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Introduction A Challenge for the Disease Detective
What is an Outbreak? Uncovering Outbreaks
Why Investigate Outbreaks?

Why Investigate Outbreaks?

Health departments investigate suspected outbreaks for a variety of reasons. These include the need to institute control and prevention measures, the severity of the problem and its risk to others, the opportunity for research and training, program considerations, and public relations, political concerns, and legal obligations.

Control and prevention. A primary reason for a public health investigation is to control the outbreak at hand and prevent future outbreaks. In any investigation, you have to strike a balance between these two goals, depending on where the outbreak is in its natural course: Are cases occurring in increasing numbers or is the outbreak just about over?

If cases are continuing to occur, your first priority will more than likely be controlling the outbreak, so you want will to assess its extent and the characteristics of the population at risk so you can design measures to prevent additional cases. On the other hand, if an outbreak appears almost over, you may want to focus on investigating further to identify its source and using that information to develop measures that will prevent future outbreaks.

The balance between instituting control measures and conducting further investigation depends on how much you know about the agent causing the illness, the source of the agent, and its mode of transmission, since you cannot design control measures without this information.

Severity and risk to others. Decisions regarding whether and how extensively to investigate an outbreak are also influenced by the severity of the problem and its risk to others. It is particularly urgent to investigate an outbreak when the disease is severe and could affect more people unless prompt control measures are taken. For example, in the United States, every case of plague and botulism is investigated immediately to identify and eradicate the source. Cases of syphilis, tuberculosis, and measles are investigated promptly to identify contacts and interrupt transmission.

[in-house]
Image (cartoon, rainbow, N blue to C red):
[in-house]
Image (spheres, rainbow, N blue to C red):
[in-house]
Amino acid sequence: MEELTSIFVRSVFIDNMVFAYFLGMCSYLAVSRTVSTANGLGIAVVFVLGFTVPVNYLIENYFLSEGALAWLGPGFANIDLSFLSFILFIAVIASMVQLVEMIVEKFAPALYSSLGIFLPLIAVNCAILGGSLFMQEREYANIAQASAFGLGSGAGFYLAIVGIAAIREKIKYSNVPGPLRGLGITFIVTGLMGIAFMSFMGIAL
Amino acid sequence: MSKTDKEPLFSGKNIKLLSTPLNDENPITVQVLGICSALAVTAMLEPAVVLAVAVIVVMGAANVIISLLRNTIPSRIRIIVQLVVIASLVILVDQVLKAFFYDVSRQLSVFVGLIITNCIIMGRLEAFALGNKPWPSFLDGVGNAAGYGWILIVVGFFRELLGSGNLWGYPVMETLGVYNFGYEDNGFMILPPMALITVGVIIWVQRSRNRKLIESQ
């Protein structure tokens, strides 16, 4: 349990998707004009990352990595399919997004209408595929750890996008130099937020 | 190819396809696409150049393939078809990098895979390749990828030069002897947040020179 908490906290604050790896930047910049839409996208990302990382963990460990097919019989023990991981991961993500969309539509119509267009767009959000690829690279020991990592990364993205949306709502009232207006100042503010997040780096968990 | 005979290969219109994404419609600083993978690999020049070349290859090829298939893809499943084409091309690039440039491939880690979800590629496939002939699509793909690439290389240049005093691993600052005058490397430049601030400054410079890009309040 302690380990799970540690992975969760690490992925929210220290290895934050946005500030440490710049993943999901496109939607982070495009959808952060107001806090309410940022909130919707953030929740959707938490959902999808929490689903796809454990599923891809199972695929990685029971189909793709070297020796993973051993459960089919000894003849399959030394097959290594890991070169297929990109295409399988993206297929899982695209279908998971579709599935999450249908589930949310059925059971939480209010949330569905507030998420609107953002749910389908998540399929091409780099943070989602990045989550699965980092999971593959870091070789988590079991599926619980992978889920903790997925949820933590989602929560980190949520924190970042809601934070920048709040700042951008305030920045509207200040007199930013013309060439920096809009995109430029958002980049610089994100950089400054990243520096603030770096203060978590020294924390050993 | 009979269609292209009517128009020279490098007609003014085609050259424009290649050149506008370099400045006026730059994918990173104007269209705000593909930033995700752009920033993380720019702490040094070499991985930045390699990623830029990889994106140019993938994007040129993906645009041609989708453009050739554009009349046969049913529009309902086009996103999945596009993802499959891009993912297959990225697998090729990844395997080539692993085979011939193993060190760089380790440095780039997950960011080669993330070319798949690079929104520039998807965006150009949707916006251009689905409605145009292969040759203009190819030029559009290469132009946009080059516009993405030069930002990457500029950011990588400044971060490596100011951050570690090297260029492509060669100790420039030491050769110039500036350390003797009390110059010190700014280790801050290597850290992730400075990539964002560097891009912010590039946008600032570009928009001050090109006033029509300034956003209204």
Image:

Research opportunities. Another important objective of outbreak investigations is simply to gain additional knowledge. Each outbreak offers a unique opportunity to study the natural history of the disease in question—including the agent, mode of transmission, and incubation period. For a newly recognized disease, there is the opportunity to study the clinical spectrum of the illness. Investigators also attempt to characterize the populations at greatest risk and to identify specific risk factors.

Even with familiar diseases, investigators can learn more about the impact of control measures and the usefulness of new epidemiological and laboratory techniques. For example, an outbreak of measles in a highly immunized community provides a setting for investigators to study the effectiveness of vaccine, the effect of age at vaccination, and the duration of protection afforded by the vaccine (1).

Training opportunities. Investigating an outbreak requires a combination of diplomacy, logical thinking, problem solving, quantitative skills, epidemiological know-how, and judgment. These skills improve with practice and experience. For this reason, many investigative teams pair a seasoned epidemiologist with an epidemiologist-in-training, who gains valuable on-the-job training and experience while assisting in the investigation and control of the outbreak.

Program considerations. Health departments routinely use a variety of programs to control and prevent illnesses such as tuberculosis, vaccine-preventable diseases, and sexually transmitted diseases. By investigating an outbreak of a disease targeted by one of these programs, health departments may discover populations at risk that have been overlooked, failures in the program’s intervention strategy, changes in the agent causing the disease, or events beyond the scope of the program. This information can then be used to improve control and prevention efforts.

Public, political, or legal concerns. Public, political, or legal concerns sometimes override scientific concerns in the decision to conduct an investigation. Increasingly, the public has taken an interest in disease clusters and potential environmental exposures and has called upon health departments to investigate. Such investigations almost never identify a link between the disease and the suspected source (2,3). Nevertheless, many health departments have learned that it is essential to be "responsibly responsive" to public concerns, even if the concern has little scientific basis (4,5,6). They also see these instances as opportunities to educate the public. In some instances (e.g., a request by three or more workers to investigate workplace health and safety), investigations are required by law.

Next: Steps of an Outbreak Investigation

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